It seems that the next installment of the client is coming out "soon", and that's definitely good news. It aims to make games cleaner, easier to understand, and just plain more enjoyable.

Yes, we know that Wizards of the Coast has said the the engine is "coming soon" for quite a while now, but we're starting to really think it's true - and it looks gorgeous.

UGO recently got to sit down with the client. Here's some of what the review site said:

"And now Magic Online is poised to ramp up the standards with the much anticipated and very long awaited version 3. Players have been chomping at the bit for this latest update and several delays in the release have only made the masses more anxious for this long promised third edition. However, after checking out a demo of version 3 at the New York Toy Fair this week, we think it's definitely worth the wait. Wizards has indeed been listening to the players and taking diligent notes. With version 3, the user interface is revamped to allow players to customize the in-game "real estate" to their liking. Stability issues that plagued previous incarnations of the game will also be worked out. After all, more players online should only make the game better, not bring the whole thing down, right? And players can now buy cards and event tickets in game, instead of having to log onto a separate site. These improvements along with other on-going tweaks currently being tested, should give players a smoother, more streamlined game."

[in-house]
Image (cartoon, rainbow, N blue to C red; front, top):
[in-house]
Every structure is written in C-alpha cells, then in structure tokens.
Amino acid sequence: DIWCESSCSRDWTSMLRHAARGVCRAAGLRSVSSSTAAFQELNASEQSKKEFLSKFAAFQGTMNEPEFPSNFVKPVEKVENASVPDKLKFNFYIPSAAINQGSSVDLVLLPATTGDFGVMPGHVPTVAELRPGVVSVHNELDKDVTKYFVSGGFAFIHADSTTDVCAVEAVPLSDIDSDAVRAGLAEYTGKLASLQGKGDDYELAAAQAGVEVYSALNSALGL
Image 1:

Seems like any day now. Really.

Critical Gamers Staff at Permalink social bookmarking

February 20, 2008

Lascaux - A Bidding War Over Ancient Cave Art

Lascaux [Funagain] is about a 30 minute contest that pits 2-5 players against one another as they bid on cave drawings of the ancient caves of Lascaux in southwestern France. Players earn points by building collections of cards that depict particular animal paintings as they were rendered by what are commonly dubbed humankind's first artists 10,000 year ago. Aside from the visuals on the cards, the game's theme doesn't go much deeper into the lives of the Lascaux cave dwellers.